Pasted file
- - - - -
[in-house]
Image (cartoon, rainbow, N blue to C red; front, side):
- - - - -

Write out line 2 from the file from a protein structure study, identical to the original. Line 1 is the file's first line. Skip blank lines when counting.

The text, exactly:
Image (cartoon, rainbow, N blue to C red; front, side):